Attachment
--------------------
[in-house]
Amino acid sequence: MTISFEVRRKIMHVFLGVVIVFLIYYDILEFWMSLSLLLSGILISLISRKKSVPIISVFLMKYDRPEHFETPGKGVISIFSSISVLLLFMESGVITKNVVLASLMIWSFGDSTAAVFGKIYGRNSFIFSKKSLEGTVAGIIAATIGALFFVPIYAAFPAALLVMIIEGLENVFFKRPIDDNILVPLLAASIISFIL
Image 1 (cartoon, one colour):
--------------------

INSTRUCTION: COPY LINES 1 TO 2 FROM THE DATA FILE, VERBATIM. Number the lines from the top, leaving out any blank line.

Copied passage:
[in-house]
Amino acid sequence: MTISFEVRRKIMHVFLGVVIVFLIYYDILEFWMSLSLLLSGILISLISRKKSVPIISVFLMKYDRPEHFETPGKGVISIFSSISVLLLFMESGVITKNVVLASLMIWSFGDSTAAVFGKIYGRNSFIFSKKSLEGTVAGIIAATIGALFFVPIYAAFPAALLVMIIEGLENVFFKRPIDDNILVPLLAASIISFIL